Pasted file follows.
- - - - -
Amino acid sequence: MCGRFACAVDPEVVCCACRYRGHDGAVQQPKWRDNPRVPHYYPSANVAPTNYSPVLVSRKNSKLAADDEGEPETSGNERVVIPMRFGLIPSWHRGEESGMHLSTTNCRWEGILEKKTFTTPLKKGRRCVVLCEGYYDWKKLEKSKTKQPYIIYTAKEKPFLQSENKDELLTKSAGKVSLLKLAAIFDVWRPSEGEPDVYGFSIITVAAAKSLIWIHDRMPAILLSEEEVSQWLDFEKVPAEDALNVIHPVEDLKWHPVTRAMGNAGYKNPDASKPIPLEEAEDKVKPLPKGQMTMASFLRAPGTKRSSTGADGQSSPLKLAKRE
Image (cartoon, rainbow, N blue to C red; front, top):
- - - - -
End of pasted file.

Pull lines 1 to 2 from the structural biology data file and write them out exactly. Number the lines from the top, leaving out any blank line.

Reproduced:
Amino acid sequence: MCGRFACAVDPEVVCCACRYRGHDGAVQQPKWRDNPRVPHYYPSANVAPTNYSPVLVSRKNSKLAADDEGEPETSGNERVVIPMRFGLIPSWHRGEESGMHLSTTNCRWEGILEKKTFTTPLKKGRRCVVLCEGYYDWKKLEKSKTKQPYIIYTAKEKPFLQSENKDELLTKSAGKVSLLKLAAIFDVWRPSEGEPDVYGFSIITVAAAKSLIWIHDRMPAILLSEEEVSQWLDFEKVPAEDALNVIHPVEDLKWHPVTRAMGNAGYKNPDASKPIPLEEAEDKVKPLPKGQMTMASFLRAPGTKRSSTGADGQSSPLKLAKRE
Image (cartoon, rainbow, N blue to C red; front, top):